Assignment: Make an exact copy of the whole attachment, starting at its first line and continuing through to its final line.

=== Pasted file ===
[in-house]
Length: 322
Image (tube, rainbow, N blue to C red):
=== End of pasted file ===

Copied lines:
[in-house]
Length: 322
Image (tube, rainbow, N blue to C red):